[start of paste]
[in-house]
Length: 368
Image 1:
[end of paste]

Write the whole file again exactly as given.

[in-house]
Length: 368
Image 1: